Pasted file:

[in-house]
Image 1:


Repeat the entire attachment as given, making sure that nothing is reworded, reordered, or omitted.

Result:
[in-house]
Image 1: